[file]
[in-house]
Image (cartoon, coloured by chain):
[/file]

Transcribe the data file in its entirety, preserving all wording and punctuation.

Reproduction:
[in-house]
Image (cartoon, coloured by chain):